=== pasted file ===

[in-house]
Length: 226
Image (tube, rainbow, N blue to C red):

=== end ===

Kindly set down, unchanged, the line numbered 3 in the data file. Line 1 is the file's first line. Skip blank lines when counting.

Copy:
Image (tube, rainbow, N blue to C red):